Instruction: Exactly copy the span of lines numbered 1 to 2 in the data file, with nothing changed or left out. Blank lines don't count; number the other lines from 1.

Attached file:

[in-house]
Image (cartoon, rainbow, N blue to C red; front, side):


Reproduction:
[in-house]
Image (cartoon, rainbow, N blue to C red; front, side):